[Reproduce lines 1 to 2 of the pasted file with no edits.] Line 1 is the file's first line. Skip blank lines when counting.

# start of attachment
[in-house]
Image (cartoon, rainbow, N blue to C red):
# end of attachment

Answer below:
[in-house]
Image (cartoon, rainbow, N blue to C red):